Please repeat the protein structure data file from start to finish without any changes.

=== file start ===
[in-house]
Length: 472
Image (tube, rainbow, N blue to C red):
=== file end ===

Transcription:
[in-house]
Length: 472
Image (tube, rainbow, N blue to C red):